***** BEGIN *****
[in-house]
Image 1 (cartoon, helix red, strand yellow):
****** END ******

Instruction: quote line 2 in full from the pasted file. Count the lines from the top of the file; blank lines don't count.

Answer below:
Image 1 (cartoon, helix red, strand yellow):